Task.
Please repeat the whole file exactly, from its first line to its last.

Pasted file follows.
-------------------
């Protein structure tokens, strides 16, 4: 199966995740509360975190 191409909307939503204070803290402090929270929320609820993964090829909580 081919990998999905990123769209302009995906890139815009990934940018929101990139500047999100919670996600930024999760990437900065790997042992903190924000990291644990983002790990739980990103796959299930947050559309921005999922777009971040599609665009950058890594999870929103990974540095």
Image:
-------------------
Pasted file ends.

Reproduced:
């Protein structure tokens, strides 16, 4: 199966995740509360975190 191409909307939503204070803290402090929270929320609820993964090829909580 081919990998999905990123769209302009995906890139815009990934940018929101990139500047999100919670996600930024999760990437900065790997042992903190924000990291644990983002790990739980990103796959299930947050559309921005999922777009971040599609665009950058890594999870929103990974540095």
Image: